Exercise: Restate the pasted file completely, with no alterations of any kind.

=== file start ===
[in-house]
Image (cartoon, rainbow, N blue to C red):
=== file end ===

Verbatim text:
[in-house]
Image (cartoon, rainbow, N blue to C red):